Saint-Petersburg, Russia: , 2014
Series
Onzory po kliniceskoj farmacologii i lekarstvennoj terapii, ISSN 1683-4100
National Category
Other Chemistry Topics
Research subject
Pharmacognosy
Identifiers
urn:nbn:se:uu:diva-245256 (URN)
Conference
The 18th International Congress Phytopharm 2014, Saint-Petersburg, Russia 3-5 July 2014
Funder
Carl Tryggers foundation EU, FP7, Seventh Framework Programme
Available from: 2015-02-26 Created: 2015-02-26 Last updated: 2015-03-04Bibliographically approved
Alsmark, C., Strese, Å., Wedén, C. & Backlund, A. (2013). Microbial diversity of Alcyonium digitatum. Phytochemistry Reviews, 12(3), 531-542
Open this publication in new window or tab >>Microbial diversity of Alcyonium digitatum
2013 (English)In: Phytochemistry Reviews, ISSN 1568-7767, E-ISSN 1572-980X, Vol. 12, no 3, p. 531-542Article, review/survey (Refereed) Published
Abstract [en]

Marine multi-cellular organisms are described as sources of many newly discovered bioactive compounds. Meanwhile, it has been demonstrated repeatedly for several natural products of reputed multicellular origin that they are, in fact, produced by endophytic unicellular organisms-such as microbial fungi or bacteria. Consequently, while studying compounds isolated from a living organism, it is essential to ensure that the sample integrity is not compromised. To test the diversity of the endobiome from Alcyonium digitatum, a cold water coral found along the Atlantic coasts of the northern hemisphere, we performed a culture dependent surveyed using a phylogenetic approach. A 1 cm(3) cube from the interior tissue of A. digitatum was excised under aseptic conditions, homogenized, spread onto agar-based growth medium plates and incubated in 22 A degrees C to promote microbial growth. Colonies were transferred to secondary medium plates, incubated, and after harvesting lysed using sterile water to release DNA. 16S and 23S rDNA regions were amplified using PCR, and sequenced for systematic evaluation using phylogenetic analysis. From this survey we identified a broad selection of bacteria, predominantly of the alpha-proteobacterial, bacteriodete, actinobacterial and firmicute lineages, demonstrating a significant biodiversity of the coral bacterial endobiome.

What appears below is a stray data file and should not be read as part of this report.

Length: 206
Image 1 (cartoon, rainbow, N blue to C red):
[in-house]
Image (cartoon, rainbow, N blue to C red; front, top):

Keywords
Alcyonium digitatum, Microbial endobiome, Phylogeny, Biodiversity
National Category
Medical and Health Sciences
Identifiers
urn:nbn:se:uu:diva-211142 (URN)10.1007/s11101-012-9229-5 (DOI)000324653400013 ()
Available from: 2013-11-20 Created: 2013-11-20 Last updated: 2017-12-06Bibliographically approved
Alsmark, C., Foster, P. G., Sicheritz-Ponten, T., Nakjang, S., Embley, T. M. & Hirt, R. P. (2013). Patterns of prokaryotic lateral gene transfers affecting parasitic microbial eukaryotes. Genome Biology, 14(2), R19
Open this publication in new window or tab >>Patterns of prokaryotic lateral gene transfers affecting parasitic microbial eukaryotes
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2013 (English)In: Genome Biology, ISSN 1465-6906, E-ISSN 1474-760X, Vol. 14, no 2, p. R19-Article in journal (Refereed) Published
Abstract [en]